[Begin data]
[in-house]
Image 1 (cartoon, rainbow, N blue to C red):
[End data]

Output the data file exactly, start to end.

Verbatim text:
[in-house]
Image 1 (cartoon, rainbow, N blue to C red):